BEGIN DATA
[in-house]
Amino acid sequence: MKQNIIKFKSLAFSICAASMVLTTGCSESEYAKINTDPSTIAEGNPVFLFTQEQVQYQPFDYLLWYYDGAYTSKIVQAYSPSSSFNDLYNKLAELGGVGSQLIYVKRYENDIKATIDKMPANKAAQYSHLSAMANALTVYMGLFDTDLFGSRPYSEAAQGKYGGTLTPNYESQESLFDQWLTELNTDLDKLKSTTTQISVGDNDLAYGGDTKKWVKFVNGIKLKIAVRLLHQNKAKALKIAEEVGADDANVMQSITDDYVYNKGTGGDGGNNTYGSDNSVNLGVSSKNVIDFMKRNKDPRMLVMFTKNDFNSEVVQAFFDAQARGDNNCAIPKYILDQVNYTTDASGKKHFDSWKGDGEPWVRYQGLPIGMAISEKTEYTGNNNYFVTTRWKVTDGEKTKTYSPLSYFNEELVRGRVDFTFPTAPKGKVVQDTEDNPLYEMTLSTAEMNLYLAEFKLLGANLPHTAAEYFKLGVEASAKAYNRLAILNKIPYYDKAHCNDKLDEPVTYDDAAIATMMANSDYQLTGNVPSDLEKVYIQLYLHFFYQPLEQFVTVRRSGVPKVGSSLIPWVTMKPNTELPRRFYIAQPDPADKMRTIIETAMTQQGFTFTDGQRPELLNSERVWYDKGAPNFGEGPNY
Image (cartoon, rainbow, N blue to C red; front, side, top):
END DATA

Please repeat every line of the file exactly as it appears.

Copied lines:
[in-house]
Amino acid sequence: MKQNIIKFKSLAFSICAASMVLTTGCSESEYAKINTDPSTIAEGNPVFLFTQEQVQYQPFDYLLWYYDGAYTSKIVQAYSPSSSFNDLYNKLAELGGVGSQLIYVKRYENDIKATIDKMPANKAAQYSHLSAMANALTVYMGLFDTDLFGSRPYSEAAQGKYGGTLTPNYESQESLFDQWLTELNTDLDKLKSTTTQISVGDNDLAYGGDTKKWVKFVNGIKLKIAVRLLHQNKAKALKIAEEVGADDANVMQSITDDYVYNKGTGGDGGNNTYGSDNSVNLGVSSKNVIDFMKRNKDPRMLVMFTKNDFNSEVVQAFFDAQARGDNNCAIPKYILDQVNYTTDASGKKHFDSWKGDGEPWVRYQGLPIGMAISEKTEYTGNNNYFVTTRWKVTDGEKTKTYSPLSYFNEELVRGRVDFTFPTAPKGKVVQDTEDNPLYEMTLSTAEMNLYLAEFKLLGANLPHTAAEYFKLGVEASAKAYNRLAILNKIPYYDKAHCNDKLDEPVTYDDAAIATMMANSDYQLTGNVPSDLEKVYIQLYLHFFYQPLEQFVTVRRSGVPKVGSSLIPWVTMKPNTELPRRFYIAQPDPADKMRTIIETAMTQQGFTFTDGQRPELLNSERVWYDKGAPNFGEGPNY
Image (cartoon, rainbow, N blue to C red; front, side, top):